By Steve Weinstein
By Bryan Bierman
By Lindsey Rhoades
By Chaz Kangas
By Ben Westhoff and Sarah Purkrabek
By Jena Ardell
By Jesse Sendejas Jr.
By Katherine Turman
Ludacris wants to be taken seriously. Never mind his goofy hairstyles, his 'hos in different area codes, or his work in 2 Fast 2 Furious. Now he's a clean-cut Grammy and SAG Award winner who's acted alongside heavyweights like Terrence Howard and Mark Wahlberg. And, boy, has he networked: The artist more recently known as Chris Bridges's sixth album boasts appearances (or, as lamely dubbed in the liner notes, co-starring roles) by retired boxers (Floyd Mayweather), movie directors (Spike Lee), actors (Ving Rhames), actor/comedians (Chris Rock), and actor/comedian/r&b singers (Jamie Foxx). Looks like someone got himself an IMDb Pro subscription.
In recent interviews, Ludacris has insisted that Theater of the Mind has a "cinematic" feel to it. It doesn't. Yelling "Lights! Camera! Action!" on the intro doesn't cut it. Neither does having the guy who played Marsellus Wallace narrate "Southern Gangsta," which is merely a synth-burbling paint-by-numbers exercise in tough talk featuring Playaz Circle and Rick Ross (who, based on The Smoking Gun's reports, is probably the most convincing thespian on this album).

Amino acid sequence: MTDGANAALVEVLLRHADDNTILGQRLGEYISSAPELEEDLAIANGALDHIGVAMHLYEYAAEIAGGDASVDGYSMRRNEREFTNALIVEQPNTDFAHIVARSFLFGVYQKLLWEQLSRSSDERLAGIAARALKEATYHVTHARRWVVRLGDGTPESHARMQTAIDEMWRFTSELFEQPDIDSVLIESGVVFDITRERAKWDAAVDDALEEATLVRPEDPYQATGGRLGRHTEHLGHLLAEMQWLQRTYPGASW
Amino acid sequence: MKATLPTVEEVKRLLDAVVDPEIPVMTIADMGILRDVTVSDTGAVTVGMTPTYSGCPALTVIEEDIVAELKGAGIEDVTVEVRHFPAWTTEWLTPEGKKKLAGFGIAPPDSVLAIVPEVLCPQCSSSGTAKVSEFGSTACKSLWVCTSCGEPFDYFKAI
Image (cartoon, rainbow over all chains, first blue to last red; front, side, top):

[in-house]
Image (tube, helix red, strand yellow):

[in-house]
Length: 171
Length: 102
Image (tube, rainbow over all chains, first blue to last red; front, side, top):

Really, Theater has little to do with Luda's new career—it's about protecting the legacy he built at his old one. "Six albums later, you'll deposit every verse/Till your memory bank give me the credit I deserve/Top 5, damn right, but really it just hit me/That three of your top 5 is scared to fuck with me," he boasts on "Last of a Dying Breed." So, what to do? Invite living members of that "Top 5" and beyond onto the album and try to outrap them. Showdowns with Lil Wayne, Nas, and former rival T.I. end in a push; our host is victorious against Common, the Game, and Jay-Z. But the results aren't necessarily celebratory. As a consequence of his preoccupation with acting and "lyricism," Luda neglects to do what he does best: make fun music. There's no "Get Back" or "Stand Up" here, let alone a "Southern Hospitality." Here, every attempted club song—"One More Drink," "What Them Girls Like," "Nasty Girl"—is forced, strangely detached, and uninspiring. Like a lousy Marky Mark monologue.